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Older trees accumulate more mutations than their younger counterparts

older trees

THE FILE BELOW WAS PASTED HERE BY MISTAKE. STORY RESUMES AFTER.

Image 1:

A study of the relationship between the growth rate of tropical trees and the frequency of genetic mutations they accumulate suggests that older, long-lived trees play a greater role in generating and maintaining genetic diversity than short-lived trees. The study, published today as a Reviewed Preprint in eLife, provides what the editors describe as compelling evidence that tree species acquire mutations at a similar yearly rate, independent of cell division and regardless of their growth rate. The findings may be used to inform ecosystem conservation strategies, particularly in the tropical forests of southeast Asia, which are under threat from climate change and deforestation. “Biodiversity ultimately results from mutations that provide genetic variation for organisms to adapt to their environment,” explains co-lead author Akiko Satake, a Professor in the Department of Biology, Faculty of Science, Kyushu University, Japan. “However, how and when these mutations occur in natural environments is poorly understood.” Somatic mutations are spontaneous changes in an organism’s DNA that occur during its lifespan. They can arise due to external factors such as ultraviolet radiation, or internal factors such as DNA replication errors. It is not clear which of these factors causes mutations more frequently, particularly in tropical ecosystems and trees, which are not as well characterised as their more temperate counterparts. Original Article:

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